Friday, 9 March 2012

Pipits and wagtail at Baha

Do you ever imagine your dream list before you go somewhere birding?  Well, for the pipits of Baha I knew in advance that Tawny pipit was likely as it is known to winter in SW Arabia in numbers. I also knew from my Helms guide that Long billed pipit breeds there along with a very few Richard's pipit though I could't find out from anyone in advance where exactly they were meant to be. Tree pipit and Red throated pipit were a possibility either wintering or on passage. I thought meadow pipit highly unlikely as I was very lucky to see a few south of Riyadh this winter (and photograph one). They don't really come as far south as Baha as far as I know.

tawny pipit

In the end I did see large numbers of tawny pipit. They were very variable and I decided to photograph every one I saw on the off chance I might find a Richard's pipit when wading through the photos on return. Alas, there was no Richard's pipit.

young tawny pipit

The better new was that I saw the first (second, third and fourth) long billed pipit of my life.

long billed pipit

The small flock was in a different place from the tawny pipit just as predicted in my Helms guide to the Middle east. Whereas the the tawny pipit were in the cultivated areas especially in the fallow fields, the long billed pipit were in the more natural, wilder slopes with boulders and some grass. 

second long billed pipit

I didn't find bill length much help in identification. Instead the greyer backs, markings below the throat, stronger rufous- buff colour of the underbelly and cinnamon-grey outer tail feathers were more helpful. Apparently the last two features are special to the SW Arabian populations and make identification easier. They certainly helped me!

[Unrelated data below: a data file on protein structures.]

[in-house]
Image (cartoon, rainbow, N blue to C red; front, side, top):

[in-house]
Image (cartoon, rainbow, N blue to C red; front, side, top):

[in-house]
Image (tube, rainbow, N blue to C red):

I had no luck with red throated pipit or tree pipit and  I suspect this is because I didn't visit any places being watered. I had found them both in Libya on passage in watered places alongside yellow wagtail. So I didn't see yellow wagtail either!

white wagtail

I don't know whether the two pipits and yellow wagtail were there in Baha at that time or whether I just didn't visit wet enough habitat.  On the other hand, white wagtail was everywhere.

The next blog is the last one on Baha and I am calling it "the best of the rest" but that might be a bit insulting to some of the birds. For example it includes a look at a pair of Arabian woodpecker as well as some friendly Tristram's grackle .

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